The courts have two mediums through which they can express their power to exclude certain prosecution evidence; discretion as defined in the common law, and statutory discretion as detailed in section 78 of the Police and Criminal Evidence Act 1984 (PACE).1 Academic commentators suggest that it is unclear exactly how judicial discretion operates in practice, however, what is agreed on is that with the introduction of PACE the overall effect is that evidentiary exclusion can be justified on broader terms.2
Previous to the Act coming into force on the 1st January 1986, the exclusion of evidence obtained improperly was rare in application by the courts. Crompton J in R v Leatham  opined that ‘it matters not how you get it, if you steal it even, it would be admissible in evidence’, and in the case of Kuruma v R , Lord Goddard CJ gave the view that the courts would exclude evidence obtained if it operated unfairly against the accused.3 More recently in the case of R v Sang  Lord Diplock reaffirmed his predecessors’ conclusions by offering that apart from the exception of R v Payne :
(1) A trial judge in a criminal trial has always a discretion to refuse to admit evidence if in his opinion its prejudicial effect outweighs its probative value. (2) Save with regard to admissions and confessions and generally with regard to evidence obtained from the accused after commission of the offence, he has no discretion to refuse to admit relevant admissible evidence on the ground that it was obtained by improper or unfair means.4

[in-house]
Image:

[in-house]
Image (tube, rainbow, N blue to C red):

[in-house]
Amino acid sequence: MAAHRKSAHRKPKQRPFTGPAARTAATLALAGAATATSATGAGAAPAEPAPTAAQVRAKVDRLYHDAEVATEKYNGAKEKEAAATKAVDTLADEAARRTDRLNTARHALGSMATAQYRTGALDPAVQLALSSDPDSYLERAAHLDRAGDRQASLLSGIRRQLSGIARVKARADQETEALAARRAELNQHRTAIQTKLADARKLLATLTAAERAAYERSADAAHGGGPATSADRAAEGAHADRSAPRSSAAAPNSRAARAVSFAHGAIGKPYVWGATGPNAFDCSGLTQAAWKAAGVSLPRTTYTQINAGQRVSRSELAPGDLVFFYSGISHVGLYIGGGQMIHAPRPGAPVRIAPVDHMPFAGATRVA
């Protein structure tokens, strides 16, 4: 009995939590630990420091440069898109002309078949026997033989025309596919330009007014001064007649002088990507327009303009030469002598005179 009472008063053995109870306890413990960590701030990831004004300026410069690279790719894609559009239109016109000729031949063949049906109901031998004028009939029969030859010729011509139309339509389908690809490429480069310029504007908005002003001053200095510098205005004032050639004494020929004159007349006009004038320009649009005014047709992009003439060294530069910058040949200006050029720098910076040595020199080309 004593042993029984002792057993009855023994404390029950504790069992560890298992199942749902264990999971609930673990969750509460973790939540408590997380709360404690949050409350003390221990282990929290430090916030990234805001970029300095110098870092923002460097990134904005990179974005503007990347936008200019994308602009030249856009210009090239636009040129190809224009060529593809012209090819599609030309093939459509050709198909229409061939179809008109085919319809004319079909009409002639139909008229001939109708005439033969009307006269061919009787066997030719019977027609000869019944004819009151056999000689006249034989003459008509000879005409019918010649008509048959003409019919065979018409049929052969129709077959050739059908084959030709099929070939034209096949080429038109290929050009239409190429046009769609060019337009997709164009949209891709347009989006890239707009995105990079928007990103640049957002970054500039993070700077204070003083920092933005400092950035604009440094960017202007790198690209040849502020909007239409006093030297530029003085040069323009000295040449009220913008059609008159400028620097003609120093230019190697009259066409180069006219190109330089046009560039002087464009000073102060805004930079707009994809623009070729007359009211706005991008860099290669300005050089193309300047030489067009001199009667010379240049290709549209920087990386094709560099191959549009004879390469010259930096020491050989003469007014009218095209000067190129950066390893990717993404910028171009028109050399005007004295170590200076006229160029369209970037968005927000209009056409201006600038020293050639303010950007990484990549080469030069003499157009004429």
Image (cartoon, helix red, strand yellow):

The case of Sang dealt specifically with evidence obtained by an “agent provocateur”, but from this it became the accepted authority relating to courts not being concerned with how evidence was obtained particularly with judges not viewing their function to police the police.5 Whilst this view was accepted, it should not detract from the fact that the judiciary acknowledged their discretion of relevant evidence was important, particularly concerning a judge’s duty to ensure a fair trial.
It appears that the case law is rather generous to the prosecution with regards to judges’ discretion when deciding whether to exclude any evidence obtained dubiously; however, one could argue it is equally restrictive. What is quite clear is that the common law concern is not how evidence is obtained, but its subsequent effect. The introduction of PACE has broadened the requirements for judicial discretion of exclusion.6 The statute clearly places emphasis the court’s power to ‘refuse to allow evidence’ that would have ‘an adverse effect on the fairness of the proceedings’ which is arguably not dissimilar from common law.7 What the statute does add, however, is that the courts must have regard to ‘the circumstances in which the evidence was obtained’.8 It is important to note at this stage that the introduction of PACE has not replaced the common law, there is overlap with further content in the statute as the drafters included section 82(3) which preserves any power of the court to exclude evidence if the prejudicial effect far outweighs the burden of proof on the accused.9 However in R v Khan  Lord Taylor demonstrated a rather restrictive view when he commented that it is ‘only necessary to consider the question of the exercise of discretion under s 78’, thus contending that, in practice, it is the statutory provision that takes precedent over the common law.10 Section 78 of PACE has broadened the restrictions of excluding improperly obtained evidence in two main ways: one, the courts can look at how evidence was obtained, which may cover cases of entrapment of the use of “agent provocateurs”, and; two,...